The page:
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The newspaper of The Johns Hopkins University November 6, 2006 | Vol. 36 No. 10
JHU Study Shows Detailed Picture of High School Dropout Crisis

By Mary Maushard

Dropping out of high school is predictable and preventable, especially in large city public schools that produce many of the nation's dropouts, according to a new study by education researchers at Johns Hopkins' Center for Social Organization of Schools.

In "Unfulfilled Promise: The Dimensions and Characteristics of Philadelphia's Dropout Crisis, 2000-05," Ruth Curran Neild and Robert Balfanz draw on extensive data from Philadelphia schools and social service agencies not only to establish the problem but also to provide insight on how cities across the country can solve their dropout problem.

"This report can help big city school districts gain a deeper understanding of the dimensions and characteristics of the dropout crisis," said Balfanz, a research scientist and co-director of Talent Development High Schools at Johns Hopkins. "It provides a road map on how to find and establish the best prevention and intervention strategies to keep all students on the graduation track."

The research report, released Oct. 19 by the Philadelphia Youth Network, has significant implications for how cities can effectively use their resources to encourage more students to stay in school. According to Neild and Balfanz:

Most future dropouts can be identified before or early in the first year of high school. For example, eighth-graders who miss five weeks of school or fail math or English have at least a 75 percent chance of dropping out of high school. And in the Philadelphia district, as with most districts with a dropout challenge, many future dropouts attend a subset of high schools that often are overwhelmed by the sheer number of students in need of intensive intervention.

Most dropouts leave school because they are not attending regularly and are failing courses, a finding that counters the common interpretation of the landmark Silent Epidemic report that suggested that most students drop out because they are bored and not challenged.

Most dropouts are not involved with social service agencies, but those who are have extremely high dropout rates. For high school students who have been abused and neglected, are in foster care or receive an out-of-home placement in the juvenile justice system, the probability of dropping out is 75 percent or higher. Likewise, the researchers found that having a child before or during high school dramatically increased the chances that female students would drop out. This finding comes from the first analysis of individual school and social service records and suggests that current social service/juvenile justice supports are not strong enough to enable adolescents in their charge to graduate.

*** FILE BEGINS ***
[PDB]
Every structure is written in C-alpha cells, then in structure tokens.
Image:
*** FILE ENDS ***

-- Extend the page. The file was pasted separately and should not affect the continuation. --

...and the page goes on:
The report provides a comprehensive policy agenda and sets goals and timetables for which leaders across public agencies will be held accountable. The plan calls for developing a system of high-quality options, effective interventions and quality supports to help young people earn their diplomas; targeting attention and support for foster care youth, pregnant and parenting teens, and youth offenders; and building a comprehensive strategy across city agencies to support students and schools.

In addition, the report makes specific recommendations for ways in which business leaders, elected officials, parents and educators can take an active part in the solution.

In light of the report, the Philadelphia School District on Oct. 19 launched Project U-Turn, a citywide effort to focus attention on the city's dropout crisis and to implement strategies and investment to resolve it.

The study is available on the Web at


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